How Jeya became instrumental in making a period tracker app accessible for girls with disabilities

Managing one's period is already challenging on its own. More so, for girls who need reasonable accommodation due to disabilities and other conditions. When Jeya, 16, became involved in the development of the Oky period tracker app in the Philippines, she made sure her voice would count for something and pushed for inclusion of accessibility features.


Jeya shows her Oky app / Photo by: Plan International Pilipinas

Sixteen-year-old Jeya is one of the many girls in the Philippines for whom period management continues to be challenging. Despite the existence of local laws supporting universal access to sexual and reproductive health services and information, differing views from local leaders, faith-based organisations, and community members tend to hinder the full implementation of these laws.

In addition, there were not many safe spaces for Jeya and her peers to talk about their individual experiences when it comes to menstruation. Not even parents, Jeya shared during a focus group discussion, were open to such topics, leaving young people like her vulnerable to myths and misconceptions about menstrual health management.

This lack of support is particularly challenging for Jeya who lives with a disability. But when she found the opportunity to speak about her experience during a consultation on the development of the Oky period tracker app, she made sure her voice would count for something.

Advocating accessibility

During the consultation, she, together with a group of other children living with disabilities, proposed app enhancements such as larger font sizes, incorporating graphics and videos, adding text-to-speech or voice-over capabilities, and gamifying the interface for a more engaging experience. Months later as the localised app came into being, many of these recommendations have been integrated into the app, improving its ability to cater to the diverse needs of individuals.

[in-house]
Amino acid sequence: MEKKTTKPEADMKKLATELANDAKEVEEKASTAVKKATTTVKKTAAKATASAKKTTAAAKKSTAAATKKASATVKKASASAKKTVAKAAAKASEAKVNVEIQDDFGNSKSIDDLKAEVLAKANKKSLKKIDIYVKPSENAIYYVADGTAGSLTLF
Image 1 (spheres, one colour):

As Jeya gained confidence in using the Oky app, tracking her menstrual cycle has become more manageable and accurate. The app not only empowered her by increasing her understanding of her body but also encouraged her to share this knowledge with her classmates and friends.

“(Through Oky), more people will understand our struggles in navigating adolescence, and we will also gain a better understanding of these changes ourselves,” said Jeya.

As a last note, she reaffirmed the potential of the app to empower children with disabilities, equipping them with the necessary tools to care for and protect themselves, not only in terms of sexual and reproductive health and rights but also in their overall health and development.

About the Oky app

The Oky Philippines app, supported by the Australian Government, is a joint product of the Department of Health, Department of Education, Commission on Population and Development, the National Youth Commission, and the Bangsamoro Government, together with UNICEF and in partnership with Plan International.

Sexual and reproductive health and rights, Comprehensive sexuality education, Menstruation, Sexual and reproductive health services, Technology for development